Ender’s Game by Orson Scott Card.
Post by Jenni.
It seems to me that Ender’s Game is about the fragility of Childhood. Ender is an extraordinarily gifted child who must be challenged to the verge of destruction of his identity – his ego is manipulated and tortured during the trials, by isolating him from his family, preventing the formation of friendships in his new environment, and changing the rules he thought were set to be fair; followed by sleep deprivation, overwork and savage and extreme competition. Ender lives the life for years, struggling to survive and hold on to a sense of the world and his place in it, then eventually he hallucinates, becomes hysterical and loses the will to live and succeed, and his torturers use his only remaining positive emotion – love for the sister they took away from him – to attempt to bring him back from the brink of self destruction.
His id, on the other hand, the side of himself that he least likes and tries to repress so that he can be a person with self esteem; this they force out of hiding and burst open, to unleash Ender’s uncompromising aggression, vengefulness and ruthlessness.
It is somehow even more affecting to watch the transformation of Ender because it is carefully orchestrated by his minders (Graff and Anderson) in the military as they prepare him for his role as the new destroyer of an entire planet. Graff and Anderson discuss the danger of toughening someone compassionate so much that they lose their empathy, their motivation, their humanity. The choice of a pacific personality who can fight when forced, rather than a vicious sadistic type was deliberate, and reasonable, but massively damaging to the subject. It is painful to watch the trashing of Ender’s innocence and its replacement with cynicism and despair. What’s more, it’s very difficult to decide right and wrong in this novel, for the world is apparently under immediate and massive threat, and needs a skilled saviour and strategist to understand the methods of the enemy aliens and decide the best course of dealing with the menace. There is a very real sense that Ender’s sense of fair play, of safety, of the world being a place where he can play a role, as it is destroyed by these minders, might end up resulting in the destruction of his very morality. And how to decide on the moral nebulousness of Ender’s sister Valentine’s letter being used as a tool to make him go on with confidence? And later her presence in person is used to give him the will to continue during a brief visit home? Ender, Valentine herself, and the reader all share a feeling of ambivalence towards her for being used in this way, tinged with an understanding of her love and longing for his company, and tainted by a sensation of moral disintegration.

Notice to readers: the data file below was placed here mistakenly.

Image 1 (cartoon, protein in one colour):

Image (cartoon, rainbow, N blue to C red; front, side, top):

All of this inversion of personality is counterpointed and highlighted by Ender’s own fear that he is becoming like the monsters he has to fight, that there is no right and wrong in this universe, and that all victories will be paid for in blood. Back on Earth, Valentine and Peter begin an experiment in manipulation of their own in a morally equivocal universe, and Valentine takes on the persona of the warmonger Demosthenes whilst Peter becomes the peaceful Locke, and both seem to be changed by their personas and grow into them, certainly to Valentine’s discomfort; Peter remains a divided personality of whom we have only witnessed one half through Ender’s eyes. Ender’s fears of becoming the monsters he is fighting culminate in their queen integrating her personality with his via a computer program and turning him into their new potential saviour. What a lot of inversion!!
For me, the destruction and remaking of Ender was a harsh and harrowing tale to read, softened by what seemed to be an appreciation of the beauty of the beauty and fragility of the child. Card’s understanding of psychology seemed like truth, and the compassion informing the depiction and destruction of Ender’s character, sincere.
A couple of reservations. The final chapter of the version that I read had a very ‘tacked on’ feel about it, very clearly set up for the next book in the Quartet (Speaker for the Dead). Even the strange interleaving of Valentine’s and Peter’s adventures back on Earth lacked seamless integration with the main concerns of the novel, and read like a later editing in order to introduce the complication of the later parts of the Quartet. Now that I’ve read the whole The Ender Quartet Box Set
(Ender’s Game, Speaker for the Dead, Xenocide and Children of the Mind) I have to say that while Ender’s Game reads like a stand alone and brilliant novel, the others seem to be add-ons to a successful theme, gradually becoming less proficient, IMHO.